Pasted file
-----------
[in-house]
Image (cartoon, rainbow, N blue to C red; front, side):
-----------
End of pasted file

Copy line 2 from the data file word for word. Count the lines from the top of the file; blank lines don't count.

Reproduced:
Image (cartoon, rainbow, N blue to C red; front, side):